This week the kids used their physics skills to solve an engineering problem: What is a safe distance between an out-of-bounds line on a basket ball court and a wall or other obstruction? To figure this out the kids carried out several experiments. First they measured their reactions times: Kids worked in pairs and took turns trying to catch a falling meter stick. The point on the stick where the person caught it was used to calculate the subject's reaction time.* Then everyone in the group was timed running a 25 meter course in addition to measuring the distance each runner overshot the finish line.
After an involved discussion about the challenges of safe design in general, the kids decided that it makes the most sense to consider the slowest reaction time, the fastest speed, and the longest overshoot in order to come up with the safest estimate for the distance between the out-of-bounds line and other obstructions. Next week we will do the final calculations, i.e. multiplying the fastest speed by the slowest reaction time to get the distance a runner might travel while reacting and added it to the overshoot distance (the distance one travels while physically trying to stop - people don't usually stop on a dime, particularly not during a competitive sport like basketball.)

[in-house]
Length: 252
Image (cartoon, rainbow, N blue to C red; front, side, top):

* I just gave the kids a chart of distance fallen vs time, but as you physics geeks out there know, you get this by solving for t = the square root of (2d/9.8). Basically if you know how far an object has fallen, and you know the acceleration of gravity ( 9.8 meters/seconds squared), you can figure out the travel time, which for our purposes indicated the reaction time. The reason we didn't just time it, is that reactions time are really short, difficult to measure, and these measurements would themselves be unfairly